A new pilot programme has been launched for employers to trial a four-day week for their organisation.
The programme will see employers introducing a four-day week for their workers over a six-month period starting in January 2022.
Four Day Week Ireland, the campaign behind the programme, believes that a four-day week can deliver positive results for business and provide the work-life balance employees want post-COVID.
Commenting today, Joe O’Connor, Chairperson of the Four Day Week Ireland campaign, said that the last year has brought radical shifts in our working practices.
“More flexible ways of working are here to stay,” said Mr O’Connor.
He said that this year has also given people a chance to reflect on what they value most, and how they want to manage their working lives, so now is absolutely the right time to rethink, review and change the way we do things, and move to a four-day week.
“We know from international research that a shorter working week doesn’t mean a loss in productivity – in many cases, it is the opposite.
“The launch of the four-day week pilot programme represents an exciting moment of change for employers and employees, and it’s up to the business community now to show that they are willing to lead and support this change for the better.”
As part of the trial, the Government has announced it will fund a research partnership to assess the economic, social, and environmental impacts of a four-day working week in an Irish context.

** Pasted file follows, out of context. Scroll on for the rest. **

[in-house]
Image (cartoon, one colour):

The researchers will look at the impact of a shorter working week on private sector companies and public sector employers as they pilot a four-day week over six months.
Tánaiste Leo Varadkar echoed Joe O’Connor, saying that the pandemic has caused us to rethink and re-evaluate how we work.
“It’s been shown that huge numbers of people can be just as productive while working at home rather than having to come into the office every day and it has accelerated the shift towards more flexible and family-friendly working hours,” said the Tánaiste.
He said however that it is too early to say whether a four-day working week could work in Ireland.
“The idea is ambitious, to achieve the same outcomes and productivity, for the same pay with 20% fewer hours worked.
“I can see how that might work for some roles but it’s hard to see how it would work in others particularly in health, education and manufacturing for example. But we need to keep an open mind when it comes to innovations in the world of work.
“Ideas like annual leave, maternity and paternity leave and flexitime were once seen to be radical and are now the norm. This research being commissioned by the government will give us a much greater understanding of the potential of this idea and that’s why the department has agreed to co-sponsor it.”